The win­ner of the 2021 Excel­lence in Edu­ca­tion and/​or Research Award, spon­sored by Flinders Uni­ver­si­ty – Rur­al and Remote Health (CRH), is Dr Kylie McCullough.

Inspired by her ear­li­er expe­ri­ences as a remote area nurse in Kakadu, Dr McCul­lough is now a lec­tur­er based at Edith Cow­an Uni­ver­si­ty in Perth. She has pub­lished 7 aca­d­e­m­ic arti­cles and count­ing on remote health, and in 2018 com­plet­ed her PhD the­sis which estab­lished a frame­work of remote area nurs­ing practice.

Com­mu­ni­ties, employ­ers, oth­er nurs­es and Aus­tralians at large real­ly need to under­stand, val­ue and recog­nise the con­tri­bu­tion nurs­es are mak­ing to the health and well­be­ing of com­mu­ni­ties, and the advanced prac­tice nature of what they’re doing,” Dr McCul­lough said.

If we knew that, we would sup­port peo­ple more and pro­vide bet­ter incen­tives for going out bush. Our com­mu­ni­ties would val­ue nurs­es a bit more – and that’d make a dif­fer­ence to remote health.”

The win­ner of the 2021 Col­lab­o­ra­tive Team Award, spon­sored by Remote Area Health Corps (RAHC), is the Mid­wifery Unit of the Coomeal­la Health Abo­rig­i­nal Corporation.

Team mem­bers include Dr Main­ul Khan, Dr Nalin Fon­se­ka, Zoe Andrews (Health Pro­mo­tions Offi­cer), Wendy Arney (Dietit­ian), Kiah Howard (Recep­tion­ist), Deb­bie Towns (Mid­wife), Robert Ritchie (Clin­ic Team Leader), Tim­my Gor­don (Abo­rig­i­nal Men­tal Health Peer Sup­port Work­er), Guy Mitchell (Trans­port Offi­cer), Jus­tine Williams (Health Ser­vices Man­ag­er), and Michelle Ter­rick (Prac­tice Nurse).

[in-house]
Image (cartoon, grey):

The Abo­rig­i­nal-led mid­wifery unit in the Far West region of NSW has approx­i­mate­ly 2000 clients on its books and recent­ly tran­si­tioned to a dig­i­tal ante­na­tal record fol­low­ing com­mu­ni­ty consultation.

Ideas need to start from the grass­roots, rather than com­ing from the top-down,” Mid­wife Deb­bie Towns said. We have a lit­tle card, or a wal­let, that sticks to your mobile phone or sim­i­lar, then your lit­tle USB card will go into there, so all of your preg­nan­cy, you can car­ry it with your phone.”

Ms Towns iden­ti­fies the reduced risk of tran­scrip­tion errors and mis­place­ment of records at home, increased fam­i­ly bond­ing, enhanced pri­va­cy, eas­i­er shar­ing of records and results between organ­i­sa­tions, the abil­i­ty to sani­tise the card, and the involve­ment of many indi­vid­u­als (includ­ing a local artist) as key benefits.

More about CRANAplus, the peak pro­fes­sion­al body for remote health

Found­ed in 1983, CRANAplus is a grass­roots, not-for-prof­it, mem­ber­ship organ­i­sa­tion with offices in Cairns, Ade­laide, Can­ber­ra and Alice Springs, which ensures the deliv­ery of safe, high-qual­i­ty pri­ma­ry health­care to remote and iso­lat­ed areas of Australia.

CRANAplus deliv­ers edu­ca­tion­al cours­es con­tex­tu­alised to the remote and iso­lat­ed set­ting to upskill the remote health work­force. Its Bush Sup­port Line pro­vides free, con­fi­den­tial, 24-hour coun­selling to the rur­al and remote health work­force and their families.

It serves its mem­ber­ship by rep­re­sent­ing the work­force and advo­cat­ing for change with­in the remote health sec­tor, pro­vid­ing schol­ar­ship and grant oppor­tu­ni­ties, facil­i­tat­ing remote health employ­ment, and pro­vid­ing career sup­port and advice.

Media enquiries
Denise Wilt­shire